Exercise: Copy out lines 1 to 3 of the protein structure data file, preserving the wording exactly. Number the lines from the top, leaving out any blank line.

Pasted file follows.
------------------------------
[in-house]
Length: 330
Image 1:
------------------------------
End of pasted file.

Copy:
[in-house]
Length: 330
Image 1: